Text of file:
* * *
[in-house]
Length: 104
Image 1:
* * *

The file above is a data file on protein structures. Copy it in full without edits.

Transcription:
[in-house]
Length: 104
Image 1: